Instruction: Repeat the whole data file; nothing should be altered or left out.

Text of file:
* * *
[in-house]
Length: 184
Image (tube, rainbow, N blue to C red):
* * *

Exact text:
[in-house]
Length: 184
Image (tube, rainbow, N blue to C red):